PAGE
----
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Parent teaching youth with books

By Erin Wallace, Chief Communications Officer at Mental Health America

Oof. Where to begin? When I was asked if I could write this blog, my first reaction was “not without cursing.” To say it’s been hard is an enormous understatement. My two boys (2nd and 3rd graders) have been home for 12 days now – and their school here in Virginia is now closed through the end of the school year. My husband, who works an intense job for an international corporation, can count on one hand the days he has ever worked from home. Thankfully, I am used to working from home a few days a week – but oh my, not with my children and spouse under foot.

That said, while this situation is certainly unprecedented and stressful – we recognize that in our case, we come at it from an obvious point of privilege: Our jobs our secure. We have health insurance and the internet and a fridge full of food. We are currently healthy and crossing our fingers we all stay that way. So, while adjusting to working from home while simultaneously becoming teachers for our kids has been incredibly tricky, we know there are many, many people out there dealing with much worse.

So, I definitely don’t have all the answers. But here is what we’ve learned:

First, we are taking all of this one day at a time. My husband and I check in each night, lay out our work schedules for the following day, and come up with a plan of attack. Sometimes it works, sometimes it doesn’t. But we have simply agreed to do our best and adjust as we can.

As far as the kids’ education - as soon as schools started to close, social media blew up with advice from parents and teachers everywhere about structure and schedules and how to keep your kids on track. It was, in a word, overwhelming. I am a lot of things, but cut out to be a grade-school teacher? Nope. Also - how do you create structure at home with two very active and loud boys while both parents are attempting to work full-time, just a few feet away? With some serious flexibility, that’s how.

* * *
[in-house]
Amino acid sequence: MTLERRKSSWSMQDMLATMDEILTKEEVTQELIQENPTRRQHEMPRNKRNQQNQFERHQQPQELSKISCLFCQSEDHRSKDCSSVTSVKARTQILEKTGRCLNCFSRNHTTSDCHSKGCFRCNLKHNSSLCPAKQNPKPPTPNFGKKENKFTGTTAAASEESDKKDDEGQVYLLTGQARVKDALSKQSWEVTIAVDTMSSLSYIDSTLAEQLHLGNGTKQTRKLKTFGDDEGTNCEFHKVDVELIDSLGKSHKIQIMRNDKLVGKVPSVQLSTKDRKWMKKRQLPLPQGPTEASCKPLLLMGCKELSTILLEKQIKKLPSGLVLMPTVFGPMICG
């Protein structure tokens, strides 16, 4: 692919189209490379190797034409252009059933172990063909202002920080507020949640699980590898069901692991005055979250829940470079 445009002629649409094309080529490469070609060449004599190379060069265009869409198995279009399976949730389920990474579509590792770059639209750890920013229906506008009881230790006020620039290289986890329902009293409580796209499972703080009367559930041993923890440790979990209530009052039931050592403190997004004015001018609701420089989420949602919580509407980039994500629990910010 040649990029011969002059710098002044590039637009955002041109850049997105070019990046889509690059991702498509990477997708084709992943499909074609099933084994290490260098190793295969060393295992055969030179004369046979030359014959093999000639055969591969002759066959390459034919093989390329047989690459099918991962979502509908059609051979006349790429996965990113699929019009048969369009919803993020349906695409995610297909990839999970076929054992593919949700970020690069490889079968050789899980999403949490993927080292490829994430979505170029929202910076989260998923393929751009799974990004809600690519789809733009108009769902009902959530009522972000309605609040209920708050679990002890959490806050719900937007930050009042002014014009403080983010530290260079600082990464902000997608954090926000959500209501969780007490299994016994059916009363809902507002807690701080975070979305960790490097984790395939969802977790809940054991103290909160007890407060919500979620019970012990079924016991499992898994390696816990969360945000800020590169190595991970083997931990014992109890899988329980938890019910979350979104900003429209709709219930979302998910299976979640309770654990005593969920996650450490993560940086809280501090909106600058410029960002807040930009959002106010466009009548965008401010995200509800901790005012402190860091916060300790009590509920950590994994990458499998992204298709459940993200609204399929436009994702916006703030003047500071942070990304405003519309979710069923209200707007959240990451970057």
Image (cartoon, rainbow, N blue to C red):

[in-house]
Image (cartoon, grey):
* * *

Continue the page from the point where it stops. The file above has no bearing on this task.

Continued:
So, while we do have a school schedule for the kids and tag-team supervision, we are also letting them sleep in, stay in their pajamas all day if they want, and stay up later than usual. Soon, the school will be stepping in with distance learning, but how effective that will be is yet to be determined. We are also relying heavily on technology. Yes, we have worksheets and books – but sometimes science class is a video on cheetahs or the ocean. Homeschool Pop on YouTube has come in handy for math, history and music lessons. And some days we just throw up our hands and let them play Nintendo all day.

We also recognized quickly that before their education and our busy jobs – we needed to take care of not just our physical health but our mental health. My anxiety about all of this has been through the roof, and my husband is stressed out on the best of days. So, we’ve been paying extra attention to our sleep, our nutrition, practicing self-care, and carving out time to exercise. And thankfully, MHA has compiled a lot of resources for parents and caregivers that has helped us talk about COVID-19 and ensure we are taking care of the kids’ overall mental health as well.

Finally, we are doing our best to look at the positive and to take the opportunity for family time, that under normal circumstances would be impossible with our schedules. So, while it is stressful – and only week 2 – we are trying to incorporate as much fun as we can to create family memories. We are doing daily bike rides, coloring together, having dance parties, watching movies, and challenging each other on Mario Kart.

Along with the rest of the world, we just have to wait and see what happens. But we are remembering to breathe, to give ourselves some grace, and to remember that the kids are alright. We will get through this.

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